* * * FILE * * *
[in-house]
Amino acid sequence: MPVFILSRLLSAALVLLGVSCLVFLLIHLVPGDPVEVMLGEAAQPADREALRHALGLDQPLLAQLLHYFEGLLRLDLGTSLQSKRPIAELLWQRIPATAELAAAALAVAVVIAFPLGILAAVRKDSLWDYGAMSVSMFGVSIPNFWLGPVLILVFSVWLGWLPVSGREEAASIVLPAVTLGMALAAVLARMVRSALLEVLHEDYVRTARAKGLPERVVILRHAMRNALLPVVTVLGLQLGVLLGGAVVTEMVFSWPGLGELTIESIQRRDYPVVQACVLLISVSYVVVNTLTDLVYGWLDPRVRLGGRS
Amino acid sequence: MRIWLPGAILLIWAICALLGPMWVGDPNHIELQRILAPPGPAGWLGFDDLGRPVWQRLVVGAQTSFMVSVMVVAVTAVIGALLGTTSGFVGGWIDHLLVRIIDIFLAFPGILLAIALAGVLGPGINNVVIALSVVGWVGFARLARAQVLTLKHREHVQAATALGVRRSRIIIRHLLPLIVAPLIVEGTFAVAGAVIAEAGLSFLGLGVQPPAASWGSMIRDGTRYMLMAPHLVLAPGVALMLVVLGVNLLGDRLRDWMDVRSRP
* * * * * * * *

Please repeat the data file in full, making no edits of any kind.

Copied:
[in-house]
Amino acid sequence: MPVFILSRLLSAALVLLGVSCLVFLLIHLVPGDPVEVMLGEAAQPADREALRHALGLDQPLLAQLLHYFEGLLRLDLGTSLQSKRPIAELLWQRIPATAELAAAALAVAVVIAFPLGILAAVRKDSLWDYGAMSVSMFGVSIPNFWLGPVLILVFSVWLGWLPVSGREEAASIVLPAVTLGMALAAVLARMVRSALLEVLHEDYVRTARAKGLPERVVILRHAMRNALLPVVTVLGLQLGVLLGGAVVTEMVFSWPGLGELTIESIQRRDYPVVQACVLLISVSYVVVNTLTDLVYGWLDPRVRLGGRS
Amino acid sequence: MRIWLPGAILLIWAICALLGPMWVGDPNHIELQRILAPPGPAGWLGFDDLGRPVWQRLVVGAQTSFMVSVMVVAVTAVIGALLGTTSGFVGGWIDHLLVRIIDIFLAFPGILLAIALAGVLGPGINNVVIALSVVGWVGFARLARAQVLTLKHREHVQAATALGVRRSRIIIRHLLPLIVAPLIVEGTFAVAGAVIAEAGLSFLGLGVQPPAASWGSMIRDGTRYMLMAPHLVLAPGVALMLVVLGVNLLGDRLRDWMDVRSRP